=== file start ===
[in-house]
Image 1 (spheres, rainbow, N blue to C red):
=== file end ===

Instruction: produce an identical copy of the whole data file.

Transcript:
[in-house]
Image 1 (spheres, rainbow, N blue to C red):